Hawai'i law on the doctrine of informed consent has evolved significantly in the past three decades. The doctrine originated in the common law, and was largely codified in 1976 in Hawai'i Revised Statutes (" HRS" ) § 671-3, which has since been amended several times. Some common law precepts, however, still govern. For example, we have held that " expert testimony will ordinarily be required to establish the 'materiality' of the risks, i.e., 'the nature of risks inherent in a particular treatment, the probabilities of therapeutic success, the frequency of the occurrence of particular risks, and the nature of available alternatives to treatment[]'" (" expert testimony requirements" ). Ray v. Kapiolani Med. Specialists, 125 Hawai'i 253, 262, 259 P.3d 569, 578 (2011) (citations omitted). " The standard of disclosure of material risks prior to treatment, however, . . . is capable of determination under the patient-oriented standard without reference to prevailing medical standards or medical judgment . . . ." Carr v. Strode, 79 Hawai'i 475, 485 n.6, 904 P.2d 489, 499 n.6 (1995).

In this case, Plaintiffs' experts testified on the risks of Reglan generally, and also explained the significance of the information in the manufacturer's insert. Moreover, pursuant

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[136 Hawai'i 58] to Craft v. Peebles, 78 Hawai'i 287, 893 P.2d 138 (1995), although a manufacturer's insert cannot, on its own, satisfy a plaintiff's burden of producing expert testimony to establish the materiality of a risk, it can constitute evidence that a fact finder may consider along with expert testimony on the issue. We hold, therefore, that Plaintiffs presented sufficient expert medical evidence to advance their informed consent claim to the jury.

In addition, Plaintiffs' complaint clearly alleged that Defendant treated Minor " without obtaining the informed consent of Plaintiff[.]" The informed consent doctrine includes a physician's duty to disclose " recognized alternative treatments or procedures" and " intended and anticipated results of the proposed treatment or procedure[.]" Relevant evidence of alternative treatments and the use of Reglan in children was adduced. Therefore, the ICA erred in concluding that Plaintiffs waived the issue of Defendant's failure to inform them of all statutorily mandated information.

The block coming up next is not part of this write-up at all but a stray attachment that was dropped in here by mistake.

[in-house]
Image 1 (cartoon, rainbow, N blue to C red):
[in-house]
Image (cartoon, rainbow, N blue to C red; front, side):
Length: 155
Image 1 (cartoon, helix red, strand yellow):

Accordingly, we vacate in part (1) the ICA's February 11, 2014 Judgment on Appeal as to Plaintiffs' informed consent claims; and (2) the circuit court's July 28, 2009 Final Judgment as well as its order granting Defendants' motion for JMOL as to Plaintiffs' informed consent claims, and remand the case to the circuit court for further proceedings consistent with this opinion.

II. Background

A. Facts

On Friday, February 13, 2004, Minor's Parents and two brothers took nine-year-old Minor to the QMC emergency room (" ER" ) to be treated for diarrhea and vomiting, which she had been experiencing since the previous night.[5] Defendant treated Minor at the QMC ER, where he performed a variety of tests, which revealed an elevated heart rate, mild to moderate dehydration, and a possible infection.

Defendant diagnosed Minor with viral gastroenteritis, an infection of the stomach. He ordered intravenous (" IV" ) fluid of normal saline and ten milligrams of Reglan through an IV line. Upon discharge, Minor was given a prescription for ten milligrams of Reglan tablets to take as needed for nausea, and instructed to follow up with her primary physician in three to four days.